For the European Union, which was founded in part to overcome tribal identity politics and unbridled nationalism, a solution could present a bit of good news as it faces a host of other difficult challenges in the region.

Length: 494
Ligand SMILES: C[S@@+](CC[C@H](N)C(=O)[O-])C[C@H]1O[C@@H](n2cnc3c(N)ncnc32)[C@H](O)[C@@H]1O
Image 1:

“And then to try and find a way to bring it back to life and give meaning to what came before.”In the Balkans, however, giving meaning to the past can be a fraught business. Slamkov, 52, has found his skills in demand as the government has poured money into excavating ancient sites with a single goal: finding connections to ancient Macedonia to add legitimacy to its claim on the name. For more than two decades, this country of just two million people has been fighting with its southern neighbor Greece over the right to have Macedonia in its name.A solution may be closer that it has been in decades, with the Greek foreign minister scheduled to visit the Macedonian capital, Skopje, later this week to continue negotiations.Last week, the United States Assistant Secretary of State for European and Eurasian Affairs told journalists in Skopje that conditions for reaching a compromise were “better than they have ever been.”Still, it is a delicate moment.To appease Greece, the Macedonians have altered their Constitution, changed their flag — getting rid of the Vergina Sun that Greece claims as its own — and changed their name once to its current United Nations designation: the Former Yugoslav Republic of Macedonia. Slamkov, fiercely proud of his heritage, is willing to find further compromise. He does not care what name politicians come up with for use outside the country — as long as it includes the word Macedonia.Standing amid the ruins of one of the country’s most important dig sites, a few miles from the Greek border, where his team found a trove of coins stamped with the visage of Alexander the Great, he said that, like the artifacts in the ground, some things are just what they are.“No one,” he said, “can tell you what to call yourself in your own home.”The roots of the name dispute are as tangled as the finely woven silver jewelry for which this region is famous. C., when Philip II and his son Alexander the Great conquered much of the known world, establishing a kingdom that stretched from the Mediterranean to India. For the Greeks, it is obvious: Philip and Alexander were born and based in what is now Greece.